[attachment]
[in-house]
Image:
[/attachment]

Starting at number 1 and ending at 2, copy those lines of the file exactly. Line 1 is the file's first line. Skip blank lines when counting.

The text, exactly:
[in-house]
Image: